Califonia Gov. Jerry Brown kicked off a 10-day European tour on Saturday with a visit to the Vatican, where he delivered the keynote at a climate change symposium organized by the Pontifical Academy of Sciences.
Kevin de León, president pro tempore of the state Senate, also delivered an address at the three-day event that began Thursday.
The series of meetings is among several the Vatican’s academies of sciences and social sciences have held over the past three years with politicians, scientists, theologians and other policymakers on the topic of the Earth’s shifting environment. Pope Francis is then briefed on the findings and outcomes of the symposiums.
“Until the religious sensibility is engaged — until religious leaders from every part of the globe and from every denomination are engaged — we’re not going to be able to move aside the huge rock of indifference, complacency and inertia,” Brown said in his opening remarks Saturday.
Brown urged leaders to connect with citizens on an emotional level, rather than parroting data and facts.
“The connection of health to climate change is central, because climate change is an abstraction,” he said. “Very few people can grasp or really be moved by it. But the pollution effects, people get that.”
Along with public health, he called for a focus on diseases, air pollution and the “element of injustice that people who have done the least to cause the injury have suffered from it the most.”
“Going forward, we’re going to have to find the pathway to awaken the world, to get done what needs to be done,” he said. “We’re not going to get there with just science and technology. There’s no technical fix adequate to the challenge we face.”
Pope Francis, for one, has already employed such methods himself. In 2015, he issued a blunt encyclical, Laudato si, that speaks harshly on the current state of the environment and classifies wantonly polluting the Earth as a sin.
“The earth, our home, is beginning to look more and more like an immense pile of filth,” is perhaps one of the best-known quotes in the lengthy writing, which he gifted to President Donald Trump when he visited the Holy See in May.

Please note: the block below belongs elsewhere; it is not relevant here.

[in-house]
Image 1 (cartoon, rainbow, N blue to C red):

Since then, Trump has pulled out of the Paris Agreement, but on Friday his administration contradicted itself by publishing a report finding “no convincing alternative explanation” to human-driven climate change.
In his remarks, delivered Friday, de León drew a contrast between environmental policy in California and on the national level. For example, there are 10 times more clean-energy jobs in California alone than there are coal-mining jobs in the entire U.S.
“In contrary to the fake news and the alternative facts spewing out of Washington, California’s economy in thriving, in large part because of our commitment to climate action,” he said.
For his part, Brown on Saturday sought to calm the delegates’ concerns about U.S. efforts, saying policy changes can occur on many levels and “the Trump factor is very small.”
The governor will continue his climate tour with discussions with European Union leaders in Brussels before heading to the state of Baden-Württemberg, Germany, which along with California is co-founder of the Under2 Coalition between 188 jurisdictions seeking to combat climate change.
From there he will travel to Oslo, Norway, to meet with climate scientists and serve as a special adviser at the United Nations Climate Change Conference in Bonn, Germany, his press office said.